Cubs’ worth to get huge test in homestand vs. the best
By GORDON WITTENMYER firstname.lastname@example.org May 5, 2011 9:14PM
Highly paid Alfonso Soriano and Carlos Pena could make a big difference for the Cubs the next two weeks. | Jeff Gross~Getty Images
Updated: June 7, 2011 12:42AM
The Cubs put their money on the table now, like it or not.
After 30 games of what manager Mike Quade calls ‘‘hanging around’’ against mostly mediocre teams, the Cubs open a nine-game homestand against the defending National League Central champion
Cincinnati Reds, the division-leading St. Louis Cardinals and the
defending World Series champion San Francisco Giants.
If it’s not a make-or-break homestand for these guys, the next 10 to 14 days — including a tough-looking, three-city trip to follow — could dictate the direction they take in 2011 and possibly beyond.
‘‘We’re all kind of feeling our way right now,’’ Quade said of his team and some upcoming opponents. ‘‘Maybe we’ll find out some stuff this week.’’
† Can the big-money players on the highest-salaried roster in the division play to their contracts, as some began doing over the last week?
† Can they play well enough to stem the flow of bleacher deserters and inspire fans to spend three
figures a pop to watch their games in sellout numbers again?
† And, based on some of the above, can they make Cubs ownership and the front office think
more about buying than selling
during baseball’s traditional first big assessment period — the quarter-point of the season — in two weeks?
‘‘I showed up here expecting to be evaluating constantly — we didn’t have a ready-made club all set,’’ Quade said. ‘‘Then you go through spring training, and I was kind of anxious to see how it would play out.’’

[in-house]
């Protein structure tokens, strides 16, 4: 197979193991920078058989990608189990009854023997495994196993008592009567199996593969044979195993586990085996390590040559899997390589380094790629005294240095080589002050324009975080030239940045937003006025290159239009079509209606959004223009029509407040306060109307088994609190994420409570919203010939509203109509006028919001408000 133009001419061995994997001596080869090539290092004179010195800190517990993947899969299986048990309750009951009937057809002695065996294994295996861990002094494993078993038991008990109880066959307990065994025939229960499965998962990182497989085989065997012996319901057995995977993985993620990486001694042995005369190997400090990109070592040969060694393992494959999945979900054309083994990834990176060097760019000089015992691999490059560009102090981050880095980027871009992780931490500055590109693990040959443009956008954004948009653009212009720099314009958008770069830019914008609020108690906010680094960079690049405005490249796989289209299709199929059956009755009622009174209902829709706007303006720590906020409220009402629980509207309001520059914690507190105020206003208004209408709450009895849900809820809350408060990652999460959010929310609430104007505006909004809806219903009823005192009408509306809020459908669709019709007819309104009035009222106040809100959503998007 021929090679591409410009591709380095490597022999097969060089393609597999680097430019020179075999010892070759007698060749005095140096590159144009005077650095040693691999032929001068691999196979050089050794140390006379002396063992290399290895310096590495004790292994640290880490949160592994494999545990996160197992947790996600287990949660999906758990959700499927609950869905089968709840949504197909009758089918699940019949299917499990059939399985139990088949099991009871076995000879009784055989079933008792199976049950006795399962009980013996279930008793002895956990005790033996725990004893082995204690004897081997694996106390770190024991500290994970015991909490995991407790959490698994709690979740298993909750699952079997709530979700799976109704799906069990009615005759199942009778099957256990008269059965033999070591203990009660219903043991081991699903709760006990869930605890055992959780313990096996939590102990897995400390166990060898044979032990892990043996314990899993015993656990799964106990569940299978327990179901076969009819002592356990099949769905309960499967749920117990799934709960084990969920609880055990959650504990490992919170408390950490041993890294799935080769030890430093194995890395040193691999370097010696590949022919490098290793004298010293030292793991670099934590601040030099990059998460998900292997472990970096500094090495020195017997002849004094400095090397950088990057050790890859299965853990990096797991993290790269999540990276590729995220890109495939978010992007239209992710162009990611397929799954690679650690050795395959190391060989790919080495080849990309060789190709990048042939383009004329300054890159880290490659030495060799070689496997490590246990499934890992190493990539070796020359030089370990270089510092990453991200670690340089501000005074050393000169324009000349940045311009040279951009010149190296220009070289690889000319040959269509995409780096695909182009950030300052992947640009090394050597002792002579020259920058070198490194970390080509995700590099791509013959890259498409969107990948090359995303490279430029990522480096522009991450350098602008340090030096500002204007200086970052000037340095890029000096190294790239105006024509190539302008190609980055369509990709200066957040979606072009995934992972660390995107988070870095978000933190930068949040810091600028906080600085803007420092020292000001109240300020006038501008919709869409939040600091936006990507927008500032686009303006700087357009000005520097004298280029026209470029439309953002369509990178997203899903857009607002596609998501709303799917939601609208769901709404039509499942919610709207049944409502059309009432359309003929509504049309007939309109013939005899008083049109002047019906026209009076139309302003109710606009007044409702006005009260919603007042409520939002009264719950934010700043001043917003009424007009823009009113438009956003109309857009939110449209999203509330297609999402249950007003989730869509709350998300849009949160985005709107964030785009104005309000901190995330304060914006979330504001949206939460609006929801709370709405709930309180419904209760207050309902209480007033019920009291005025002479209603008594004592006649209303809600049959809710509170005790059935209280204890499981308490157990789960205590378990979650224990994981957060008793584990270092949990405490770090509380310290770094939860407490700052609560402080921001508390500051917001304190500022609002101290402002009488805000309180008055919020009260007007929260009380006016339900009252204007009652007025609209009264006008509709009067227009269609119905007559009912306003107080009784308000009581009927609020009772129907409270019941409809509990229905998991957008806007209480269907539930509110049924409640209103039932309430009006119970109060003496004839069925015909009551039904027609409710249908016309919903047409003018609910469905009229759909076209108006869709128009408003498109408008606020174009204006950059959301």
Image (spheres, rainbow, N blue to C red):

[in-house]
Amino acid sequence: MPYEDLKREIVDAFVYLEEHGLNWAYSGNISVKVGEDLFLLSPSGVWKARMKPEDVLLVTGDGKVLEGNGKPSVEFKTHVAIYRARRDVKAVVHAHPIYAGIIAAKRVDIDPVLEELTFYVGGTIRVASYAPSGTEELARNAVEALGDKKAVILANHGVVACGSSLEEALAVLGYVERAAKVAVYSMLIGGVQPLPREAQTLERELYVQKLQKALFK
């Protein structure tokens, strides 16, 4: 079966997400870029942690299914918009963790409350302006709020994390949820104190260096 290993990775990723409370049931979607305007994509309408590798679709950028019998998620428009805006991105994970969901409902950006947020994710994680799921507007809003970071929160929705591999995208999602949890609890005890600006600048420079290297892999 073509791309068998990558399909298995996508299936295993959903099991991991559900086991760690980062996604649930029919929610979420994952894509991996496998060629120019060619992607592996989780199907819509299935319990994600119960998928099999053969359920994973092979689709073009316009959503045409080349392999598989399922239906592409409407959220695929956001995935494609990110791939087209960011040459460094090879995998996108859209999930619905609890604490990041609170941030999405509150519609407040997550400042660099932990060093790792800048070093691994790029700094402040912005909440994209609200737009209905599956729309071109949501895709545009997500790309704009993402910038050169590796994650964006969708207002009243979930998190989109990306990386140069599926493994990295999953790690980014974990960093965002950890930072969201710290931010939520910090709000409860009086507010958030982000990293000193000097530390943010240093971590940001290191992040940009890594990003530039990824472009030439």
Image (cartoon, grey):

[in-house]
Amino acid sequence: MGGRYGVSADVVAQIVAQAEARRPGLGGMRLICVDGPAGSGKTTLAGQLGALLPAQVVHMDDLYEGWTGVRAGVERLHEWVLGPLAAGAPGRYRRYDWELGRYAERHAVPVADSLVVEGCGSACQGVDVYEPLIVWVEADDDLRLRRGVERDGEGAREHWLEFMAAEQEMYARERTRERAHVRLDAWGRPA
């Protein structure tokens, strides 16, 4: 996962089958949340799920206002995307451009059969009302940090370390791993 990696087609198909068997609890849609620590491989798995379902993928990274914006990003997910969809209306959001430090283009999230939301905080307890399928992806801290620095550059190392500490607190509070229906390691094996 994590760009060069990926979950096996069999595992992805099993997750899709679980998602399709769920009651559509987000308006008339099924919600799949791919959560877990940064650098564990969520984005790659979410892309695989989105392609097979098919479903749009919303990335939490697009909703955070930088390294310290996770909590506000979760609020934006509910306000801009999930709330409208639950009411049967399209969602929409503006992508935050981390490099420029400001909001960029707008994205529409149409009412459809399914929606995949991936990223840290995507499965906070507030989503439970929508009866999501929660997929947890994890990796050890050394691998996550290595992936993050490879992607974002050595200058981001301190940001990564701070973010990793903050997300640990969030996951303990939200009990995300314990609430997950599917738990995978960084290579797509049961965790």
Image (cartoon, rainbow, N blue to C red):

Certainly, the Cubs suffered key injuries to fourth and fifth starters Randy Wells and Andrew Cashner. But the Cardinals lost a 20-game winner in Adam Wainwright for the season; the Milwaukee Brewers lost a Cy Young winner, Zack Greinke, for the first month; and the Reds haven’t gotten an inning yet from Johnny Cueto or Homer Bailey.
‘‘It’s not like, ‘Woe is me,’ because we’ve all had ‘Woe is me,’ ’’ Quade said.
More significant for the Cubs: their ongoing struggle to hit with men in scoring position, and the early struggles of the three veterans in the starting rotation, especially Ryan Dempster, who may have snapped out of his funk with a strong outing Tuesday in Los Angeles.
On the other hand, the Cubs have gotten unexpected help: Darwin Barney had a Rookie of the Month performance, Kosuke Fukudome and Starlin Castro had major-league-best production from the leadoff spot in April, and Alfonso Soriano has a major-league-leading 11 home runs.
‘‘I think we can do some little things that we’re missing right now,’’ Soriano said. ‘‘We fix it, we can be in good shape.’’
But for now, it all has led to a stutter-step and a sub-.500 record through the early soft part of the Cubs’ schedule.
‘‘I’d like to think that down the road we’ll be better than that, but at this point, that’s what we’ve played,’’ Quade said. ‘‘We’re not 14-16 because we got 100 bad breaks. We’ve been hanging around and been inconsistent. We’ve been consistent the last several days.’’
If there are doubts about whether this team is as good as its bloated $130 million payroll, the players won’t admit to any. Their series win in Los Angeles, four consecutive quality starts from the Big Three in the rotation and back-to-back games with homers for struggling $10 million slugger Carlos Pena have them riding a confidence wave into the weekend.
Now come the money games.
‘‘As far as the playing goes, we still have a lot of work to do,’’ Quade said. ‘‘But I look forward to this homestand, mainly because we start off with Cincinnati and the Cardinals. Let’s see where we’re at with them right now. I can’t wait to find out.’’